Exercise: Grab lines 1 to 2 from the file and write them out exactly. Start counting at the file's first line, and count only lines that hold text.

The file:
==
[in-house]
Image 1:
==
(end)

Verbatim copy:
[in-house]
Image 1: